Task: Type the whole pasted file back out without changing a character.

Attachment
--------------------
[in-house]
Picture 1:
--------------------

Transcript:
[in-house]
Picture 1: